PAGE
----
Maud. [Aghast, but hiding it] Oh! It’s—it’s no good, father. She won’t.
Builder. We shall see that. I’ve quite got over my tantrum, and I expect she has.
Maud. [Earnestly] Father! I do really assure you she won’t; it’s only wasting your time, and making you eat humble pie.
Builder. Well, I can eat a good deal this morning. It’s all nonsense! A family’s a family.
Maud. [More and more disturbed, but hiding it] Father, if I were you, I wouldn’t-really! It’s not-dignified.
Builder. You can leave me to judge of that. It’s not dignified for the Mayor of this town to have an unmarried daughter as young as Athene living by herself away from home. This idea that she’s on a visit won’t wash any longer. Now finish that letter—“worthy, but you may rest assured that I shall do my best to sustain the—er—dignity of the office.” [Maud types desperately.] Got that? “And—er—preserve the tradition so worthily—” No— “so staunchly”—er—er—
Builder. Ah! “—upheld by yourself.—Faithfully yours.”
Maud. [Finishing] Father, you thought Athene went off in a huff. It wasn’t that a bit. She always meant to go. She just got you into a rage to make it easier. She hated living at home.
Builder. Nonsense! Why on earth should she?
Maud. Well, she did! And so do— [Checking herself] And so you see it’ll only make you ridiculous to go.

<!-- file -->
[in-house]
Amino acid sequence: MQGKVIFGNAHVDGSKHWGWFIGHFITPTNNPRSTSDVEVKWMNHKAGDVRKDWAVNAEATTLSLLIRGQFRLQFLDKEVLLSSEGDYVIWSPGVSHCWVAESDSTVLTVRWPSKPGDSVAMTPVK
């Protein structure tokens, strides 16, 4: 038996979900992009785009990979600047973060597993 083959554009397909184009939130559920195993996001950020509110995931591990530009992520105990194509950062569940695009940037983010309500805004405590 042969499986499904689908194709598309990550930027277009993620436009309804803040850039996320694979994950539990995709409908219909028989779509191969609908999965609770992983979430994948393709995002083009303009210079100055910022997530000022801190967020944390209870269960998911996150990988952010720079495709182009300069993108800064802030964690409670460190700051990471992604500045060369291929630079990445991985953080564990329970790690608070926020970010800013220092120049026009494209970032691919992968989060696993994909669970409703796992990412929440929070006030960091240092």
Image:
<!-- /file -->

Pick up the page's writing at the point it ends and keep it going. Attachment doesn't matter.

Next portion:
Builder. [Rises] Now what’s behind this, Maud?
Maud. Behind—Oh! nothing!
Builder. The fact is, you girls have been spoiled, and you enjoy twisting my tail; but you can’t make me roar this morning. I’m too pleased with things. You’ll see, it’ll be all right with Athene.
Maud. [Very suddenly] Father!
Builder. [Grimly humorous] Well! Get it off your chest. What’s that letter about?
Maud. [Failing again and crumpling the letter
behind her back]
Builder. Everything’s nothing this morning. Do you know what sort of people Athene associates with now—I suppose you see her?
Maud. Nobody much. There isn’t anybody here to associate with. It’s all hopelessly behind the times.
Builder. Oh! you think so! That’s the inflammatory fiction you pick up. I tell you what, young woman—the sooner you and your sister get rid of your silly notions about not living at home, and making your own way, the sooner you’ll both get married and make it. Men don’t like the new spirit in women—they may say they do, but they don’t.
Maud. You don’t, father, I know.
Builder. Well, I’m very ordinary. If you keep your eyes open, you’ll soon see that.